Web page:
An added element to the drama was that United equalized deep into “Fergie Time,” the long-held theory from non-United fans that the team is given more time to play when they are losing at home. In this case, Manchester United scored in the 93rd minute, which led Burnley boss Sean Dyche to question how his team lost.
“I don’t know where the five minutes of stoppage-time came from,” Dyche said, in an interview with the BBC. “That’s a bugbear because it gave the crowd a lift. I also think Lindelof is offside when Alexis Sanchez heads it, but like I say the margins are tight.”
More EPL drama? Yes, please.
As I said, the form book can be extremely misleading when it comes to the Beautiful Game, and Gameweek 24 was filled with unexpected results across the board.
Fulham came from two down to Brighton at half-time to win 4-2, while Wolves put three past West Ham, with the Hammers likely reflecting on their FA Cup exit to AFC Wimbledon (bottom of League One, scored 18 goals all season, won 4-2). And the drama just kept on coming.
Take the Bournemouth-Chelsea game, for instance.
The Cherries had lost their way of late and there have been dark mutterings that they may get dragged into the relegation fight. Chelsea, on the other hand, booked their place in the League Cup final by beating Spurs, advanced to the next round of the FA Cup, and were looking to hold on to fourth spot. Arsenal’s win over Cardiff had dropped them down into fifth place, but as long as Hazard is in the mood, then the form book will always point to the Blues.
Spoiler alert … the Blues got battered 4-0, slumping to their heaviest league defeat since 1996. Chelsea were bad all over the pitch, but David Luiz had a mare of a game, which started as early as the third minute!
To rub salt into the wound, Bournemouth didn’t even have their top scorer—Callum Wilson—but were still way too good for a Chelsea side that had been accused of lacking motivation by manager Maurizio Sarri after their recent loss to Arsenal. On this performance, Sarri may have a point.
Spurs are another team that the form book (and the media) likes to poke with a stick.
New stadium delays aside, the last few weeks have been extremely troubling for the fan base, especially as the team did not have three of its senior players – Son, Kane and Alli—for the cup exits. The latter two are not expected to return until March, but the lack of any new signings in the January transfer window and the pit of misery that is social media meant that a win over Watford was not a foregone conclusion.
And so it came to pass …
After fielding a team that was destined to fail at Palace in the FA Cup, Spurs played the first of four consecutive “home” games with a lineup that included Son, who had flown back from his Asia Cup commitments with South Korea.
Any joy that his return brought was dampened by Watford taking the lead in the 38th minute and then parking the bus for the majority of the game. The situation was not helped by much-maligned striker Fernando Llorente missing a sitter as Spurs laid siege in the second half.
With 10 minutes to go, the atmosphere inside Wembley was not great.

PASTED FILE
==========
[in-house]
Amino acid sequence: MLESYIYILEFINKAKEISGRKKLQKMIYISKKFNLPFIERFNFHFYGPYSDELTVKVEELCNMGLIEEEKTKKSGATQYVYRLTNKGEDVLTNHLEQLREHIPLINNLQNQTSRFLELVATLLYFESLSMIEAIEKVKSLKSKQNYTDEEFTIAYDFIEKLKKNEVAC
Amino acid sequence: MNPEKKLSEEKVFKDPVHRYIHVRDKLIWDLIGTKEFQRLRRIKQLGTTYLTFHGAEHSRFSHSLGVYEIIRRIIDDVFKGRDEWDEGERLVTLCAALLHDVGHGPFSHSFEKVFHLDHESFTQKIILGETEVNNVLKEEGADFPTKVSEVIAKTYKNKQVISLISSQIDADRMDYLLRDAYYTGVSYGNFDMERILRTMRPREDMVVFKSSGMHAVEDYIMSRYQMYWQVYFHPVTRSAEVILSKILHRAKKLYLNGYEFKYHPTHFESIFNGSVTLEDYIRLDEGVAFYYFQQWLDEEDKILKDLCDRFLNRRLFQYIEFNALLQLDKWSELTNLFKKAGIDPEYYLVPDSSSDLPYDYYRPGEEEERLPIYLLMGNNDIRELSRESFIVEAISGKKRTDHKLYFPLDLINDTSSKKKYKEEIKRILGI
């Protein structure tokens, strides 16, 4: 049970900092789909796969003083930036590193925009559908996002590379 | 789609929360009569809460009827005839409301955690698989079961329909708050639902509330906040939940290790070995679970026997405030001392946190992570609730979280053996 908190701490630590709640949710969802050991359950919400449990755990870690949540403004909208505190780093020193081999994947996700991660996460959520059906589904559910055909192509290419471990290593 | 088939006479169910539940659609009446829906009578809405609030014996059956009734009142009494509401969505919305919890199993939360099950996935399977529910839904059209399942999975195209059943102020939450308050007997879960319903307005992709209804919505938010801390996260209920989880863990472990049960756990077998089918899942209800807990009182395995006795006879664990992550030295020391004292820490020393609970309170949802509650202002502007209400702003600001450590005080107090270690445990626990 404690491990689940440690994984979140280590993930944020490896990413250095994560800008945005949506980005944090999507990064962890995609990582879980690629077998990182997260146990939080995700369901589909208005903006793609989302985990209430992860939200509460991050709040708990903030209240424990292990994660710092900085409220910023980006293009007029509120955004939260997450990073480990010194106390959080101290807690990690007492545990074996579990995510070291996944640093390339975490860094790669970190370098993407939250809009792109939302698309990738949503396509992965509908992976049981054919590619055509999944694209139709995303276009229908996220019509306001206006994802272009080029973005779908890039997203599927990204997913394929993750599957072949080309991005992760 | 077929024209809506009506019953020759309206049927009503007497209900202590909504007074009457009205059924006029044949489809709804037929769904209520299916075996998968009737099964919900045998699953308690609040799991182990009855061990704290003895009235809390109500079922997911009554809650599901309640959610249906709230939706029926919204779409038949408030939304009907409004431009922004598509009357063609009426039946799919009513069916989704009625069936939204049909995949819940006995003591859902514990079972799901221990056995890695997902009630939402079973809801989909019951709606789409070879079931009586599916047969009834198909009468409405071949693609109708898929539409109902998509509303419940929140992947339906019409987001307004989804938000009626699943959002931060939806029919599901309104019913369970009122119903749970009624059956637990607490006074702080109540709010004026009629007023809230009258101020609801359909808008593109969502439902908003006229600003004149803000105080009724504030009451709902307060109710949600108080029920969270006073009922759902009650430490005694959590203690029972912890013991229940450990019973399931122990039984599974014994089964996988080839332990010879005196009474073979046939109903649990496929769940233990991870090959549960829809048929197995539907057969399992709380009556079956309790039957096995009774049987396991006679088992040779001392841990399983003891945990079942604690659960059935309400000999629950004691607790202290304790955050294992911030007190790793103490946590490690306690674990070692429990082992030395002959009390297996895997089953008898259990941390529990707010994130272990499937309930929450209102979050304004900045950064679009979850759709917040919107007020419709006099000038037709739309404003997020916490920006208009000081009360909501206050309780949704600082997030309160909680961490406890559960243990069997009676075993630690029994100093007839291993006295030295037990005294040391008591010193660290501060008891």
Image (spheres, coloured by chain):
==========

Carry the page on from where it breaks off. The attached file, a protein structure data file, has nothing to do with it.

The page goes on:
However, news that Chelsea were being beaten by Bournemouth filtered through and then a ray of Son-light lightened the mood considerably. Son’s equalizer was followed a few minutes later by Llorente doing what he is paid to do—which is put the ball in the net, rather than just be Harry Kane’s understudy. An excellent piece of time-wasting by a ball-boy, which earned Watford’s Issac Success a yellow card (and a wink to the cameras by the unnamed ball-boy) was just the icing on the cake.
Sarcasm just adds to drama
After all the unexpected excitement, there were some games that went to form.
Relegation certainties Huddersfield lost 1-0 at home to Everton and are now 6 points adrift at the bottom. Arsenal spoiled Cardiff’s heartfelt goodbye to Sala (who never actually played for the club BTW) by winning 2-1 at home, while Southampton and Crystal Palace played out a predictable one-all draw.
The latter game’s main talking point was Palace goalscorer—and frequently fouled—Wilfred Zaha getting sent off for two yellow cards in 154 seconds. Somewhat amusingly, the second yellow was dished out after Zaha sarcastically clapped the referee’s decision to give him the first yellow card … which meant he saw red just a few seconds later.
“His reaction to not receiving a foul when he was clearly pushed off the ball – obviously people do get frustrated,” said Palace manager Roy Hodgson, after the game. “But I can’t condone, unfortunately, the applauding of the referee. That is something you can’t do.”
Next up … potential drama
Zaha’s red card now means that he misses EPL Gameweek 25, which comes hot on the heels of the midweek fixtures.
Standout games include Manchester City at home to Arsenal, Leicester hosting Manchester United and Spurs welcoming Newcastle. All three are difficult to call, especially after the last round of fixtures, but you would expect City to put their last result behind them, especially as the gap at the top is just five points.
Liverpool have a chance to inflict more pain on West Ham, while Chelsea should beat Huddersfield. Everton against Wolves is another game that could go either way, as are the games between Brighton and Watford, and Palace versus Fulham. And Cardiff will get the chance to remember the player-they-never-saw at home to Bournemouth, who will be feeling slightly chipper after their midweek exertions.
Buckle up, it’s going to be another bumpy ride.